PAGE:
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Regaining control of an hijacked account Disclosure Number: IPCOM000247530D
Publication Date: 2016-Sep-14
Document File: 2 page(s) / 23K

Publishing Venue

The Prior Art Database


Careful usage of a password out of multiple pre-defined passwords to regain control of hijacked account in a timely fashion

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Regaining control of an hijacked account

This publication describes a novel way in which an orderly, well defined usage of multiple pre-fabricated passwords can be used to regain control of a hijacked account in a self-sufficient manner, without requiring the involvement of an external entity to ascertain the authenticity of the genuine user. This eliminate the many hoops that a valid user typically needs jump through to recover their account. The simplicity of recovering an account is reduced to a single step.

Our method is based on the ability to define, in advance, a number of valid passwords, such that when the user and/or the system deems that the incumbent password was compromised, the next password can be used seamlessly, without forcing the creation of a new password and using a convoluted authentication process to ensure the creator of the new password is the genuine user .

At the time the genuine user creates a new password for a service, he can create, instead of a single password, a series of them to be stored in the target system, as well as in a local password vault. Once the multiple passwords are saved on the target system, those passwords can no longer be accessed or changed using the incumbent password which is currently used to gain access to the account. Thus, even when an account is compromised and hijacked by an eavesdropper or where the password was stolen by using a key-logger, the thief cannot access these passwords nor change them. The thief cannot possibly steal any of the saved passwords as they were never been in use.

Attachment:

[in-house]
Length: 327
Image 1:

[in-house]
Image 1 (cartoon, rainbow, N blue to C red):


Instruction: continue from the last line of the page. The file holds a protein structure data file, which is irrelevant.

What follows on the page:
If/when a genuine user suspects that her password was compromised she can simply use the next password in the vault. By using the new password it makes it the incumbent one and the previous password (which could have been compromised) is of no use. That way one regains control of her account without any outside help. Only upon the first time a new password is used, can the (genuine) user create new passwords and add them to the system storage (as well as to the vault) for future use.

Starting off with a brand new account; the user of that account is considered to be the genuine owner. Upon logging into the account, the user is required to change the temporary password with a new password. Using this novel method, the user will in fact create n passwords (where n > 1). The first password that was created is the one the user will start using from that point on, until it expires or the user suspects that it was compromised.

For example:

The first time Alice enters her password, 'eagle', she can also store the additional passwords 'rabbit', 'turtle', and 'bird' (the system will insist on having at least one password in the vault). Later, if something goes wrong, she can enter 'turtle', which tak...